University of Western Australia: Reducing organ transplant side-effects

A new research project aims to use personalised anti-rejection medication to reduce the health risks that organ transplant patients experience following surgery.

Third-year PhD student Sarah Dart, from The University of Western Australia’s Medical School, said her research aimed to optimise immunosuppressant drug use, by analysing how the immune system responds to an organ following transplantation.

“Developing personalised treatment strategies is important, because patients have unique immune responses to donated organs, regardless of whether they are a genetically identical match to the organ donor,” Ms Dart said.

“After organ transplant surgery, patients undergo ongoing medical assessment and take immunosuppressant drugs for their lifetime. This leaves patients vulnerable to contracting infectious diseases, such as COVID, and at greater risk of developing cancer.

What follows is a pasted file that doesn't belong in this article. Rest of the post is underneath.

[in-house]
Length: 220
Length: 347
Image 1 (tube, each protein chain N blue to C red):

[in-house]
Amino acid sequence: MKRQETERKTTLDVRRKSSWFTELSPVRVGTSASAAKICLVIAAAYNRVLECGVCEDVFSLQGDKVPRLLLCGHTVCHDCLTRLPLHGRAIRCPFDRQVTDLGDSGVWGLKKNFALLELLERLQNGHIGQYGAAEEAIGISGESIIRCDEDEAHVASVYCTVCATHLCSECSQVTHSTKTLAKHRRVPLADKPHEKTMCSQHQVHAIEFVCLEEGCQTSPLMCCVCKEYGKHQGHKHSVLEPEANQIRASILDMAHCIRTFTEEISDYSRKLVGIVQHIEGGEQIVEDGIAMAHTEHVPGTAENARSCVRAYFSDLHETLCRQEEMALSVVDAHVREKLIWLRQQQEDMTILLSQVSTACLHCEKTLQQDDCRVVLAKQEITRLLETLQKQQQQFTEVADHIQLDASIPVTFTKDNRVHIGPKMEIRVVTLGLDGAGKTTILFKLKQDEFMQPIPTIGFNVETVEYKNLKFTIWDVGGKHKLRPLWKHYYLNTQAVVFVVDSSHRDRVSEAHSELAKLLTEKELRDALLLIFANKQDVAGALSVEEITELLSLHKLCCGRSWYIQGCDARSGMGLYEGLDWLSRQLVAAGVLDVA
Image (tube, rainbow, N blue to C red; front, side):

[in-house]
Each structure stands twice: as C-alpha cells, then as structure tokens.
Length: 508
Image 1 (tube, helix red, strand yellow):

“These severe side effects can be mitigated by minimising the number of immunosuppressant drugs each patient needs to take or optimising those drugs to better target specific immune cells.”

The research involves looking at immune cells from transplanted organs under the microscope to analyse how each cell responds to immunosuppressant drugs.

“Using fluorescent proteins called antibodies, which bind to different immune cells, we can identify and track what happens to the cells within the transplanted organ,” Ms Dart said.

“Immune cells are important to protect organs from infections and cancer but play a big role in transplant rejection.

“By understanding the effects of different types of anti-rejection medication on the immune cells in the organ, we can identify strategies to better balance the positive and negative impacts of the cells.”

Ms Dart said more than 1,600 Australians were currently waiting for a new organ, with almost 12,000 people who could benefit from a transplant.

“By improving the management of post-surgical treatments for patients, we improve their quality of life and reduce their risk of infections and cancer,” she said.

“This also improves the longevity of transplanted organs, reducing the number of replacement transplants and freeing up space on waitlists.”